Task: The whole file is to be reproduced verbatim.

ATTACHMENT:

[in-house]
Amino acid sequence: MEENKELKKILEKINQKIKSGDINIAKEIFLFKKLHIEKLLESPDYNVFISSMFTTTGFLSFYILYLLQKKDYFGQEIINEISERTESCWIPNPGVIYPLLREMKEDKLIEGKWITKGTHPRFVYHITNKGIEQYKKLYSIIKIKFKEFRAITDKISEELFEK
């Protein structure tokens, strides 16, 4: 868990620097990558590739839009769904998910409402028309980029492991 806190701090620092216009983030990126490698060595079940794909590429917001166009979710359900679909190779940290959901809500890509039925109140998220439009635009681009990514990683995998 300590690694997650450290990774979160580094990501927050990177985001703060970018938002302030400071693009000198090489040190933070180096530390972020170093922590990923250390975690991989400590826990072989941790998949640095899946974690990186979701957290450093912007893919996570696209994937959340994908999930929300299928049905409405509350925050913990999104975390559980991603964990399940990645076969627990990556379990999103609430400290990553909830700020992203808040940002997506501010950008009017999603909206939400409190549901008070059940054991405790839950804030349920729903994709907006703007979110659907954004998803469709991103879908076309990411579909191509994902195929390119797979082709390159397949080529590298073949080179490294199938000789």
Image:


[in-house]
Amino acid sequence: MEENKELKKILEKINQKIKSGDINIAKEIFLFKKLHIEKLLESPDYNVFISSMFTTTGFLSFYILYLLQKKDYFGQEIINEISERTESCWIPNPGVIYPLLREMKEDKLIEGKWITKGTHPRFVYHITNKGIEQYKKLYSIIKIKFKEFRAITDKISEELFEK
């Protein structure tokens, strides 16, 4: 868990620097990558590739839009769904998910409402028309980029492991 806190701090620092216009983030990126490698060595079940794909590429917001166009979710359900679909190779940290959901809500890509039925109140998220439009635009681009990514990683995998 300590690694997650450290990774979160580094990501927050990177985001703060970018938002302030400071693009000198090489040190933070180096530390972020170093922590990923250390975690991989400590826990072989941790998949640095899946974690990186979701957290450093912007893919996570696209994937959340994908999930929300299928049905409405509350925050913990999104975390559980991603964990399940990645076969627990990556379990999103609430400290990553909830700020992203808040940002997506501010950008009017999603909206939400409190549901008070059940054991405790839950804030349920729903994709907006703007979110659907954004998803469709991103879908076309990411579909191509994902195929390119797979082709390159397949080529590298073949080179490294199938000789």
Image: